And therefore, though Christ is ours – we have Him as a present possession – we must still follow on to know Him more perfectly. He must be ever the object of our daily aspirations. “Follow . . . that holiness, without which no man shall see the Lord.” This implies activity, earnestness, diligence, and zeal. To follow after an object is to have it constantly before you; you do not lose sight of it. It dwells in your thoughts; it becomes a part of your very life; it enters into your practice; it stamps your character. That which is the object of your desire and the aim of your energies will have a transforming influence on your life.

But this is a very different thing from saying that our likeness to Christ is just the result of a mere imitation of Jesus Christ. Christ is our sanctification in a far higher sense than that in which He is our pattern. He is our holiness, because He himself dwells in us, to control our whole moral being, to transfigure our whole lives, and to become in us the spring of all our thoughts and words and deeds.

But lest, by dwelling on the human side of Christ’s earthly course as exhibiting God’s ideal of holiness, we should for a moment lose sight of His essential deity, and the necessity of that deity in connection with our sanctification, we would here add some valuable remarks by the gifted author whose writings we have already frequently quoted:

“All that you withdraw from the essential and personal divinity of Christ you take away from the reality of that holiness which constitutes your glorious destiny. I am struck by two expressions in this passage (Gal. ii. 20)and by their instructive connection: ‘The Son of God, who loved me’; and, ‘Christ lives in me.’ A man could not live in another man. A man can leave us his memory, his example, his teaching; but he cannot live again in us. If Jesus is only a holy man, complete and normal Christian sanctification is necessarily reduced to the sincere effort to follow and emulate Him; and the Church would be nothing more than an association of well-disposed people, united together for the purpose of doing good, while studying their pattern, Jesus Christ. This is the level to which the most elevated and the most glorious idea of the gospel will immediately descend, when once the crown of deity has been snatched from the head of Christ.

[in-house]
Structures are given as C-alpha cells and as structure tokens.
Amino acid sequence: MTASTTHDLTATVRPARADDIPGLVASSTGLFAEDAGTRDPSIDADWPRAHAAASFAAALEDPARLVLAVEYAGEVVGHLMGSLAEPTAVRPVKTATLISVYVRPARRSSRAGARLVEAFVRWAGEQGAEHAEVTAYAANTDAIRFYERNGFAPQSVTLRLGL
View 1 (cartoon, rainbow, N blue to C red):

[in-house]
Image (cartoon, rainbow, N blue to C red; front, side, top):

“But, as Scripture and experience both teach us, true Christian holiness is something more than effort, an aspiration of man: it is a communication of God to man; it is Christ in person who comes and dwells in us by the Holy Spirit. Thus St. Paul calls Christ, not only our righteousness, but also our sanctification. And in St. John’s Gospel Jesus expresses Himself thus:

‘I will not leave you comfortless: I will come to you’; ‘at that day’ – the day of the coming of the Holy Spirit – you will know that I am in My Father, and you in Me, and I in you’; he who loves Me will be loved by My Father, and . . . We will come to him and make Our home with him’; ‘because I live, you shall live also.’ Who must He be, He who, not only comes and dwells in us by the Holy Spirit, but whose indwelling is, at the same time, the indwelling of the Father? ‘Without’ – or, out of – ‘Me you can do nothing,’ continues Jesus; ‘I am the vine, you are the branches. He who abides in Me, and I in him, bears much fruit.’ The Spirit ‘shall glorify Me.’

“The Divine Spirit can never be said to communicate a man to other men. The Divine Spirit does not glorify a man in the heart and in the life of other men. The Divine Spirit glorifies a Divine being, the Son, who in His turn glorifies the Father. This truth is expressed in the form also of baptism, and is at the same time the secret of Christian sanctification; for holiness is Christ, and God in Christ dwelling in us by the Holy Spirit. And the Church? The Church is, not only a voluntary association of sincere imitators of Jesus Christ, it is the body of Christ, the living organ which He fills with His plenitude” (Godet).

And so in His Church Christ is still on earth fulfilling that glorious declaration “Lo, I am with you always, even to the end of the age.” And this apprehension of Christ as our sanctification does not in the least detract from the honour due to the Holy Spirit as our sanctifier. Both facts are, not only in the most perfect harmony, but are necessary the one to the other.

“Perhaps it will be asked,” writes Professor Godet, “what is the connection between the passages in which our sanctification is attributed to the Holy Spirit and those in which it is attributed to Christ Himself living in us? (Gal. ii. 20).

“The answer is easy. In reality these two classes of expression refer to one and the same fact. What is the work of the Holy Spirit? It is to impart Christ to us, with everything that is His, and to make Him live again in us, as the grain of wheat which lies dead in the earth is made by the power of nature to live again in each of the grains in the ear. And, on the other hand, by what means does Christ live in us? By the operation of the Holy Spirit. There takes place in believers, by the power of that Divine Agent, an effect similar to that which produced the miraculous birth of Jesus Christ. ‘My little children,’ said St. Paul, ‘of whom I travail in birth again until Christ is formed in you'” (Gal. iv. 19).